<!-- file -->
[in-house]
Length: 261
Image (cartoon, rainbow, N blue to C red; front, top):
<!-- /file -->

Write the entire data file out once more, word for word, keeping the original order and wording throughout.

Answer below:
[in-house]
Length: 261
Image (cartoon, rainbow, N blue to C red; front, top):